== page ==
Although the lawyer's conduct must be evaluated as a whole, United States v. Lindsay, 157 F.3d 532, 534-35 (7th Cir. 1998); Schiro v. Clark, 963 F.2d 962, 971 (7th Cir. 1992), aff'd on other grounds, 510 U.S. 222 (1994), since mistakes at some points in the trial might be redeemed by wise tactics at other points, there were no bright spots in his representation of Miller. His closing argument, for example, was a shambles, quite apart from the irresponsible and unhelpful suggestion that Miller's wife would lie for Miller under oath.

The clearest respect in which the lawyer's representation fell below the minimum level was the decision to put the psychologist on the stand, knowing what the lawyer knew. He also had no excuse for failing to inquire whether the defendant was "Miller 1204," since if he was not--and he was not--the clerk's testimony would be seriously undermined, given the great emphasis she placed on her recollection of the check. And, in the circumstances (an essential qualification), there was also no excuse for the lawyer's failure to consult experts on hair, DNA, treadmarks, and footprints. A defendant's lawyer does not have a duty in every case to consult experts even if the government is proposing to put on expert witnesses. United States v. Anderson, 61 F.3d 1290, 1298-99 (7th Cir. 1995); Yohey v. Collins, 985 F.2d 222, 228 (5th Cir. 1993). There may be no reason to question the validity of the government's proposed evidence or the evidence may be so weak that it can be demolished on cross-examination. But since Miller's defense was that he had not been at the scene of the crime, and he could not testify in opposition to Wood because to do so would enable the state to bring in the devastating evidence of his prior convictions, and the government was going to put great weight on expert evidence in order to bolster Wood's testimony, Miller's only chance was to establish so far as it was possible to do that there was no objective evidence placing him at the scene of the crime. A DNA expert and a treadmark and footprint expert would have so testified, and probably a hair expert more credible than the state's would have so testified as well because the expert that Miller's new counsel found was far more qualified than the state's and, as we noted earlier, the state does not argue that Miller's post-conviction expert was superior to the average expert that competent trial counsel might have found. In these circumstances, it was irresponsible of the lawyer not to consult experts. Wallace v. Stewart, 184 F.3d 1112, 1117 (9th Cir. 1999); Bean v. Calderon, 163 F.3d 1073, 1079 (9th Cir. 1998); cf. Strickland v. Washington, 466 U.S. 668, 690-91 (1984) (duty of reasonable investigation).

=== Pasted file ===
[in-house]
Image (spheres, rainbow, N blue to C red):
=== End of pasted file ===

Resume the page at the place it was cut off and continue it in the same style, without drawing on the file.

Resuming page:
It remains only to consider whether Miller would have had a reasonable shot at acquittal had his lawyer been minimally competent. We think so. The minimally competent lawyer would have presented expert evidence that there was no physical evidence of Miller's presence at the crime scene, would have greatly undermined the hardware clerk's evidence, would not have undermined the alibi testimony of Miller's wife, would by forgoing psychological evidence (unlikely in any event to impress a jury) have kept the evidence of Miller's previous crimes from the jury, and would thus have forced the state to rely entirely on Wood's questionable testimony. The jury might have concluded that Wood was trying to save his life by portraying himself falsely as the tool of an older man. This is far from certain; indeed, we think the chance of an acquittal would still have been significantly less than 50 percent; but it would not have been a negligible chance, and that is enough to require us to conclude that the lawyer's errors of representation were, in the aggregate, prejudicial. Id. at 694; Washington v. Smith, 219 F.3d 620, 632-33 (7th Cir. 2000); Hernandez v. Cowan, 200 F.3d 995, 999-1000 (7th Cir. 2000); Gonzalez-Soberal v. United States, 244 F.3d 273, 277 (1st Cir. 2001).

The judgment is reversed with directions that the state either release Miller or retry him within 120 days. In addition, we are sending this opinion to the Indiana attorney disciplinary authorities for consideration of whether attorney Ronald V. Aungst's deficient representation of Miller at his trial warrants disciplinary proceedings.